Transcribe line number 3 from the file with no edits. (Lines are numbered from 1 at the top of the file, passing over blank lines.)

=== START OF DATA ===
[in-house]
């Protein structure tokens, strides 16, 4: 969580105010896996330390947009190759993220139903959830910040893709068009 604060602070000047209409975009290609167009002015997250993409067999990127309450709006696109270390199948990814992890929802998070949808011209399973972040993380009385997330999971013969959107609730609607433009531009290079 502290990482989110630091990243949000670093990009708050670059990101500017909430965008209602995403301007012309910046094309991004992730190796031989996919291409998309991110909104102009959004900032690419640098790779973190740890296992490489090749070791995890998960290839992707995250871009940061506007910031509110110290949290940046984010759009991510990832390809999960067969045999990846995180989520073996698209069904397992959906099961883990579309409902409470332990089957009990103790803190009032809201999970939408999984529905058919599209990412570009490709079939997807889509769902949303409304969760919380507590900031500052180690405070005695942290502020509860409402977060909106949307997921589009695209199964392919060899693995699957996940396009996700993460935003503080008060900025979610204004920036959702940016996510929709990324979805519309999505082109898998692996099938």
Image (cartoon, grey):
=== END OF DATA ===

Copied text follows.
Image (cartoon, grey):